A female cardinal bites the finger of Princeton University grad student Trey Hendrix as he holds her moments before release in April.  Hendrix had gently removed the cardinal from a mist net used to capture birds for banding or other research projects. AP Photo/Carolyn Kaster

One of my favorite fall memories is participating at a bird-banding station when I was a college student in Baltimore in the late 1970s. The banding station was located at a park on a peninsula jutting out onto the western portion of Chesapeake Bay. This point of land beckoned to southbound migrants seeking landfall as they completed a nocturnal migratory leg over the Chesapeake.

We captured the birds using mist nets. Our nets were 10 meters long and two meters high. Each net has several lines running the length of the net that support loose pockets. The thread of the net is thin and difficult to see. Birds fly into the net and softly land in one of the pockets with their head and wings lightly tangled.

At this banding station, we were running about 20 nets, spread out along the park trails. We opened the nets before sunrise and monitored them regularly so that a bird would be in the net for 15 minutes at the most.

The banding crew then has the responsibility of removing the birds by simply freeing the wings and backing the bird out of the pocket. Some birds like sparrows and warblers are easy to extract, requiring only 10 or 20 seconds for a skilled bander. Some birds like cardinals and grosbeaks show their displeasure by biting a finger hard enough to make blood flow. Chickadees are among the most difficult to remove because they wrap their long toes around multiple threads. One has to free the feet before you can tend to the head and wings.

Most birds were captured by eight o’clock or so, but we generally kept the nets open until 10 or 11 a.m. Fifty to 100 birds would be a typical catch. I remember one morning when we had a huge fallout of birds. As we were opening nets, a cry went out “close the nets.” In a matter of 10 minutes, we had caught over 100 white-throated sparrows in just a few nets. Opening all the nets would have overwhelmed us.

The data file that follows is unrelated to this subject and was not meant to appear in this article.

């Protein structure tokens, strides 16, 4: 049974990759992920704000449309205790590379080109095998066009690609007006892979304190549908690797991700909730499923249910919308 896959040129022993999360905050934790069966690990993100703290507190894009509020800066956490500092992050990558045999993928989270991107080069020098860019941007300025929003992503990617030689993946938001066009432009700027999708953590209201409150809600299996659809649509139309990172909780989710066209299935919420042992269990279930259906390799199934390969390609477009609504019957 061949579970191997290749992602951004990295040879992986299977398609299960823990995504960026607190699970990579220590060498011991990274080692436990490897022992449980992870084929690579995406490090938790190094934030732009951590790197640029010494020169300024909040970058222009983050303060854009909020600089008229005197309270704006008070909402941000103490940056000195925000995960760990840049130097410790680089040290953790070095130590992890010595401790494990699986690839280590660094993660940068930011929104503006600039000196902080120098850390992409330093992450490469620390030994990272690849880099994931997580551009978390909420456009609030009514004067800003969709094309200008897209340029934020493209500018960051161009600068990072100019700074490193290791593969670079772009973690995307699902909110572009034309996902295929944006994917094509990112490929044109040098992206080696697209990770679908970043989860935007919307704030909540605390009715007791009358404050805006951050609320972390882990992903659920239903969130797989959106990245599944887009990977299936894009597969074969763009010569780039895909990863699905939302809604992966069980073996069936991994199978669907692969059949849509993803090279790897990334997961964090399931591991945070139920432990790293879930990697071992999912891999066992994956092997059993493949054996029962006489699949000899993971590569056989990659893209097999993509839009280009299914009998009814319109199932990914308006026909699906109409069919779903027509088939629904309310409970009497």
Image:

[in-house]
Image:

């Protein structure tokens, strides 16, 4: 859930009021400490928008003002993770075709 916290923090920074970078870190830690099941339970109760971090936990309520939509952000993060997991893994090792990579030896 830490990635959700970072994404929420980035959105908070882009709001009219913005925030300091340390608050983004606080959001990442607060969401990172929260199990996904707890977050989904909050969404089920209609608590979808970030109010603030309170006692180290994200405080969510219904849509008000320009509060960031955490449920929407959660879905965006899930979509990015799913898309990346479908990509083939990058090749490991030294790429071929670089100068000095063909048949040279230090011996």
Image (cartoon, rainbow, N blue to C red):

Once extracted, a bird is put into a small cloth bag and taken to the banding table. Each bird is fitted with an aluminum band bearing a unique nine-digit number. The bands are provided by the Bird Banding Lab, a federal agency in the U.S. Geological Survey. With the bird in hand, a band is opened, placed around a bird’s lower leg and then closed with specially made pliers. The bird is then released.

At the very least, the species, sex and age of the bird is recorded along with the location and date. Banders may record other data as well such as weight, fat load, wing length and molting status. The species, sex and age data along with the band number are reported to the Bird Banding Lab.

The Bird Banding Lab serves as the central repository for all banding information. If another bander captures a previously banded bird or if someone finds a dead bird with a band, an email to the Bird Banding Lab will allow the observer to know when and where the bird was banded. The Bird Banding Lab also notifies the original bander that one of her/his birds was recaptured.

To band native birds, one must obtain a banding permit, possible only after extensive experience in assisting a licensed bander. My experience at that station qualified me to get my own master bander permit. I regularly banded birds in my research projects before I retired.

Because pigeons or rock doves are not native species, one does not need a banding permit to band them. As a result, pigeon fanciers often band their birds with particular color bands so they can be easily identified. These band combinations are not regulated by the Bird Banding Lab so one must consult pigeon fancier clubs to try to track down the owner of a sighted racing or homing pigeon.

In the next column, we’ll explore the value and limitations of bird banding in learning about our feathered friends.

Herb Wilson taught ornithology and other biology courses at Colby College. He welcomes reader comments and questions at [email protected]


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